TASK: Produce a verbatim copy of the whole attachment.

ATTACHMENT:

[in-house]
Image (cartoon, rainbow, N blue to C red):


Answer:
[in-house]
Image (cartoon, rainbow, N blue to C red):